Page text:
Educational Television Computer
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 IDDS 2008 Project Report
The $10 TV Computer Project: Current Results, Version Wednesday, August 6, 2008 13:51:48 [PDF]
 Project Wiki
$10 TV-Computers as an Ultra-Affordable Platform for Computer-Aided Education
Extended Abstract: We propose the use of existing $10 TV-Computers to promote education within developing countries. Because a $10 computer is more than an order-of-magnitude less expensive than the cheapest modern computer, they represent a highly-scalable, market-oriented platform for computer-aided education in developing contexts. In fact, these $10 educational TV-computers not exist but are relatively popular and widely available within electronics markets in India and China. The "Victor-90 Educational Computer" (one of a number of Famicom-Clones made in China and sold in India) comes with a full-function keyboard, a mouse, 3 game controllers, and two Famicom-compatible game cartridges--all for 380 Rupees ($9.50). One of the cartridges contains 48 Educational Games, including typing games, reading games, 8-bit music composition, and even BASIC programming. In fact, after turning on the Victor-90, it only takes two clicks of a mouse to begin programming in BASIC. Even if it only enabled BASIC programming, this ultra-affordable computer could have significant potential for advancing education in developing economies, given that it costs less than a textbook. While limited in computational power, these TV-computers are capable of acting as a valuable stepping stone for millions of "under-financed" schools and families (especially given the wide range of computer-aided learning activities which were developed for the Apple II and other 8-bit platforms). Therefore, this paper aims to facilitate collaboration between 8-bit enthusiasts, proponents of computer-aided learning, and those pursuing the design of technology for global development (ie "Design for the other 90%").
One of the many exciting things about revisiting 8-bit computing is realizing that hundreds of educational games were developed in the 1980s for the 8-bit Apple II. It is striking that an 8-bit computer was the dominant educational computer in American schools for nearly a decade. First of all, this suggests that 8-bit computers may be useful for introducing students to a lifetime of computing. Secondly, there is a lot to learn from the hundreds of 8-bit games which were designed for and evaluated in American schools. We may even be able to access the intellectual property for these 8-bit games, so that the code could be ported, translated, modified, remixed and then distributed via TV-computers.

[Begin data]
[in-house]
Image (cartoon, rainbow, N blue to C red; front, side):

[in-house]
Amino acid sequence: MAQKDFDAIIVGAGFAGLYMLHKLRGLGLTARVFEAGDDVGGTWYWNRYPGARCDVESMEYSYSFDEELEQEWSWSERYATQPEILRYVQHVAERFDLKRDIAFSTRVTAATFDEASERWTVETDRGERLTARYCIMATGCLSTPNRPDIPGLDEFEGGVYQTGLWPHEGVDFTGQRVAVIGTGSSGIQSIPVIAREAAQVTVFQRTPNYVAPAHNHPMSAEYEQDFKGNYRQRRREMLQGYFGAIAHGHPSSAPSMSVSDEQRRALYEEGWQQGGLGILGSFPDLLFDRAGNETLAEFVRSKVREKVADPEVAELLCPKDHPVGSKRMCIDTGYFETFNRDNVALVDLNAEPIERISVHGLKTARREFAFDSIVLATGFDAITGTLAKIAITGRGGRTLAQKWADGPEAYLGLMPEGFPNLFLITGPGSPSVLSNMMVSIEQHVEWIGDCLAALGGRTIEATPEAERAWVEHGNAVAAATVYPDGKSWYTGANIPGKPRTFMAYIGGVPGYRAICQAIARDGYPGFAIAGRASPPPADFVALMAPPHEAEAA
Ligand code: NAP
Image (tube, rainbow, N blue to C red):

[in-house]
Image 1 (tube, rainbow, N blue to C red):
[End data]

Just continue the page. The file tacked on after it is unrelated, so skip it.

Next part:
Can 8-bit games really promote education and learning in developing contexts? It may be appropriate to conduct some preliminary contextual research that would provide evidence to this effect. For instance, it seems appropriate to conduct an ethnographic intervention wherein we introduce the TV-computer into typical households of specific demographics, and observe how the computer integrates into the material ecologies and social dynamics of the households. Another important study would explore how these computers could be integrated into schools in developing contexts. It might also be instructive to re-evaluate the ability of 8-bit games and software to engage children in America, by providing these TV-Computers in an after-school education site, to see what kind of interest or engagement it generates. This study would help us understand if exposure to more advanced computing environments makes today's children resistant to playing and learning within NES-era graphical environments.
But for all this preliminary research, the best way to demonstrate the value of 8-bit games in global development is to design a high-quality educational game, deploy it, and evaluate it in context. We are currently working on a microfinance loan officer training game with IFMR trust in Chennai, India. The goal of the game design is to assist the training of over 100,000 microfinance loan officers in India. Beyond this specific game, we hope to engage video game designers and 8-bit artists and foster their collaboration towards the open development of many other educational games for global development. More information is available at www.eHCI.tv, which provides access to an open access wiki intended to promote broad discussion and project organization. We hope that our ability to accept wide collaboration will improve, and with it, our ability to foster the design of games for the $10 computer.
 Contact details
Derek Lomas (mailto:firstname.lastname@example.org)